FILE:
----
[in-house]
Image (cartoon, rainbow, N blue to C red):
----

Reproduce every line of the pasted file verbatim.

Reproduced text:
[in-house]
Image (cartoon, rainbow, N blue to C red):